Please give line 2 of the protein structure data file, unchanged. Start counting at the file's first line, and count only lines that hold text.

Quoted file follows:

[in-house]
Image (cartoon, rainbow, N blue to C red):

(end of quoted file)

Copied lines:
Image (cartoon, rainbow, N blue to C red):